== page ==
The Group Self

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Science  18 May 2012:
Vol. 336, Issue 6083, pp. 848-852
DOI: 10.1126/science.1220987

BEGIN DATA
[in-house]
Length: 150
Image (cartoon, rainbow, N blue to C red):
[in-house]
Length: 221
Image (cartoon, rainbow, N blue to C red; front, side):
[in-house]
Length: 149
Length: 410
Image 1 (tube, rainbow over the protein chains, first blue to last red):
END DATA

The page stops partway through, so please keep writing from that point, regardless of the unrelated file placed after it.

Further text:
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Although people often tend to consider themselves and others as unique individuals, there are many situations in which they think, feel, and act primarily as group members. This can bring out the best in them, as when they are inspired to help fellow citizens in need, or the worst, as when they show hostility against others simply because they represent another religious or ethnic group. Understanding when and why the group self becomes more important than the individual self, and how this affects people’s thoughts, feelings, and behaviors, can help to prevent and redirect unwelcome aspects of human behavior by addressing them at the appropriate level of self.

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